Oma's Easy German Potato Pancake Recipe (Kartoffelpuffer)

➤ by Oma Gerhild Fulson

This German Potato Pancake Recipe, aka Kartoffelpuffer, originated in my kitchen after I had scraped my knuckles grating potatoes. Everyone loved the pancakes, but I had to find easier (and safer) potato pancake recipes. 

Out came the blender ... the following recipe developed. Best of all, no more scraped knuckles using a blender! No blender? Check out my Mutti's recipe, the traditional way of making these.

Mutti's original pancakes have 'shreds' of potatoes. To duplicate this with the blender, do not take potato pancake batter to a 'smoothie' consistency.

So either by grating or by carefully using the blender, you'll get potato pancakes that are a German comfort food, just when you need it.

Oma's German potato pancakes, Kartoffelpuffer, done the easy way, in a blender!

In Germany, these pancakes are readily available at outdoor markets and festivals. One of the reasons is that it's easier and doesn't smell up the kitchen with the "frying smells".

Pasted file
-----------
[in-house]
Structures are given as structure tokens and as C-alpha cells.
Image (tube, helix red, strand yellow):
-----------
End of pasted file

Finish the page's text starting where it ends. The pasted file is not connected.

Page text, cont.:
Never-the-less, fresh, made-at-home potato pancakes are a treat!

Oma's Fun Fact

Did you know that during Hanukkah, the Jews have a potato latke recipe that is very similar to the German potato pancake recipe.

Theirs, however, are fried in oil because the oil is in keeping with the story of the flame that miraculously stayed lit.

Need that “all’s good with the world” feeling? Comfort food will do that. Get your copy of Oma's German favorites in her Comfort Foods e-Cookbook.

Take a look at Oma’s Comfort Foods eCookbook and enjoy the traditional taste of German cuisine!

Take a peek at all Oma's eCookbooks. They make sharing your German heritage a delicious adventure!

5 Tips on making Kartoffelpuffer

  1. Please use butter. Oil will work, but you can't beat the butter flavor!
  2. The quantities for this recipe need not be exact and can be changed according to your tastes. Onions are optional. Amount of flour is dependent on how moist the potatoes are.  Add just enough until the consistency of the batter is not too runny.